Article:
Last week, the IJIS Institute staff attended and presented at the APCO Canada 2018 Conference & Tradeshow. The focus of APCO Canada was on innovative technology use and adoption, and its impact on professionals working in Public Safety Answering Points (PSAPs). There was great focus on staff wellness and how to ensure that the leaders in the public safety arena are addressing their staffs’ needs. Finally, the topic of procurement was also prevalent in the agenda and in the discussions among the participants.
There was a lot of discussion around Next Generation 911 roll out in Canada. In order to have a successful roll out, a coalition has been formed called the CanadianNG911 Coalition. This coalition presented at the conference and shared the roadmap and the timeline they have put together on the NG911 roll out in Canada. The IP-based ESInet will be available for critical voice communications by June 2020 and critical data will be available within 18 months of this timeline. All the legacy networks will be decommissioned by June 2023.
The IJIS Institute staff participated on the panel discussion about Innovative NG911 Solutions: Advances in Emergency Communications Technologies. This panel covered the innovative developments in Next Generation 911, and the nature of emergency communications now and into the future. Emergency calling and data interoperability for emergency services are at a critical point, where the integration of networks and services sit on the verge of more widespread and essential interoperability.
It was shared during the conference that Canada has a nonprofit to address public safety health issues and this new entity is called the Canadian Institute for Public Safety Research and Treatment (CISPRT). The mission of the CISPRT is, “to provide a Canadian hub for strategic public safety wellness research and analysis, knowledge translation, and mobilization, working with public safety leaders and academics from across Canada to develop and deploy solutions that meet the current and future needs of Canadian Public Safety Personnel.” CISPRT is looking at mental health issues, not only among first responders, but is also expanding its research to include corrections officers.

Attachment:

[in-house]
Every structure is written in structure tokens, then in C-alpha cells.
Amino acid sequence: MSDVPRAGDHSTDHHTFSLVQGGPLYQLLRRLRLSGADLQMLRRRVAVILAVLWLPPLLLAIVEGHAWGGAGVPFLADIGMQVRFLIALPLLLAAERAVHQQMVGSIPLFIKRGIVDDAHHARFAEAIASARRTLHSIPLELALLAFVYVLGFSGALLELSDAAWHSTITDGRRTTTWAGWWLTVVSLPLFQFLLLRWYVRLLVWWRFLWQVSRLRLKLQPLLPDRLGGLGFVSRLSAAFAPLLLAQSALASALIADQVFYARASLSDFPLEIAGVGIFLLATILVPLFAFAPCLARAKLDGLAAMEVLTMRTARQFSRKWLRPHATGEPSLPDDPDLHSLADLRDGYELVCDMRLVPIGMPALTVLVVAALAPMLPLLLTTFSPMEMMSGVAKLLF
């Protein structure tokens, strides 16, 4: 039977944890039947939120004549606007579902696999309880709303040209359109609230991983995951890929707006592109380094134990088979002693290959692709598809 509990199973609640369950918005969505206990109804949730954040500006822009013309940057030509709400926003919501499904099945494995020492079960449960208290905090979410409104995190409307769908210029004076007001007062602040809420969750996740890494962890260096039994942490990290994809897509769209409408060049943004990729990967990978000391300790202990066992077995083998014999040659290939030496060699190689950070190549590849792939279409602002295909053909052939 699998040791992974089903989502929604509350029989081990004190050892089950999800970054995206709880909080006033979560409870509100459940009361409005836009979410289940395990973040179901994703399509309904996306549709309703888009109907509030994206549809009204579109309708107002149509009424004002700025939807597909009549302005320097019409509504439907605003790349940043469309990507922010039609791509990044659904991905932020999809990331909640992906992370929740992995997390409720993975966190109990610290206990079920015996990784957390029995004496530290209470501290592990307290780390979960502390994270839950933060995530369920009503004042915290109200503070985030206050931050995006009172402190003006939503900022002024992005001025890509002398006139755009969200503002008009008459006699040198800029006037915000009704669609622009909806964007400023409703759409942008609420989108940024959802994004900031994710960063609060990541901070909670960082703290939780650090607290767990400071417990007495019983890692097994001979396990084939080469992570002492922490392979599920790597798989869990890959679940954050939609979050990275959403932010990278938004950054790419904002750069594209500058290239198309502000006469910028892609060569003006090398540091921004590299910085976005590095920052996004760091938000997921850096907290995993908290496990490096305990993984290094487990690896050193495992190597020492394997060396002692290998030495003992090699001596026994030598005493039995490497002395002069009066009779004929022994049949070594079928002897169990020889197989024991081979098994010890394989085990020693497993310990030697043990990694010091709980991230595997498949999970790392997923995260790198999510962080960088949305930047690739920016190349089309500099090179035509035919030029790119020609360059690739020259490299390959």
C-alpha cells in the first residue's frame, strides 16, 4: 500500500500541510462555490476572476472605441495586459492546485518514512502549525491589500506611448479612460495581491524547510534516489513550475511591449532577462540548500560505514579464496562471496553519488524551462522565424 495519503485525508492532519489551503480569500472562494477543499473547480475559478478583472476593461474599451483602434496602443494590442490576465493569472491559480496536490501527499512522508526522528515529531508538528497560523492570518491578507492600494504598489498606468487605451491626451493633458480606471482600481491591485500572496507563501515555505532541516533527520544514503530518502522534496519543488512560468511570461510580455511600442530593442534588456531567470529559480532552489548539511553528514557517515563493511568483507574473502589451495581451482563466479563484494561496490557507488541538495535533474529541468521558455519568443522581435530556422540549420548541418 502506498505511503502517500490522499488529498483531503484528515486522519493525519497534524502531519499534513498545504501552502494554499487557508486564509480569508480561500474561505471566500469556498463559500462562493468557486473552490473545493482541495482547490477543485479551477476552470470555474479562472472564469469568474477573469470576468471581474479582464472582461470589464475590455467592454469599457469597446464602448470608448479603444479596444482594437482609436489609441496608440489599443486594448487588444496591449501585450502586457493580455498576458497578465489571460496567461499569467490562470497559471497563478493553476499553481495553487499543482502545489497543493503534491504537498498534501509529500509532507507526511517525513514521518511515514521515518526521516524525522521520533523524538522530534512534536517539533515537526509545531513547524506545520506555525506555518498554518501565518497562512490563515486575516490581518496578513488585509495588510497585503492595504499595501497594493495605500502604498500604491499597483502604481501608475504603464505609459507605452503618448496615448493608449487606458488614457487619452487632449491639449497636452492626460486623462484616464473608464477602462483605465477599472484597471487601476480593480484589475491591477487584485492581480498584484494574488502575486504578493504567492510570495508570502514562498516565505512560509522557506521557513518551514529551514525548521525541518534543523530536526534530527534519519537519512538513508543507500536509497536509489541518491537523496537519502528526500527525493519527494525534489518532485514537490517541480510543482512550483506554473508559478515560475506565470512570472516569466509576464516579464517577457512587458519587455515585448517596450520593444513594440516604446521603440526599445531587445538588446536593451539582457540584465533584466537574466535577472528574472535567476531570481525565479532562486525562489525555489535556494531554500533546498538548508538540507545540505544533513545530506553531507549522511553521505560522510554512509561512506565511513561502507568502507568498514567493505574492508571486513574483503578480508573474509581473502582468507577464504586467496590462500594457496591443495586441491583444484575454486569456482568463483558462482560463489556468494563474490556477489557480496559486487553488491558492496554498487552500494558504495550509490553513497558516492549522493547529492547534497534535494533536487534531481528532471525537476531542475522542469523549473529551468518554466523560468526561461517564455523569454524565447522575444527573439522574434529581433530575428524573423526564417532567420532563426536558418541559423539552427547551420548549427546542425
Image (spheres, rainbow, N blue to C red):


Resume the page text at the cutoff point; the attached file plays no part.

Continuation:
Keynote speaker François Mathieu (Co-Executive Director, TEND) spoke about the impact of secondary trauma, compassion fatigue, burnout, self-care, wellness, and organizational health. François talked about how the PSAP staff should look at the model that companies like Dropbox, Facebook, Twitter, and others are using with content moderator staff as these companies have figured out a model to ensure wellness of their content moderators. This model should be explored further for the first responders to ensure their safety and wellness. François also shared an assessment tool with attendees, Professional Quality of Life (PROQOL), that can be used to assess “Compassion Satisfaction and Compassion Fatigue.”
Looking at the conference topics and the discussion that the IJIS team had with the APCO Canada leadership, it is clear that IJIS Institute Members have lots of opportunities in Canada to support the first responder community with the technology adoption, information sharing, and interoperability.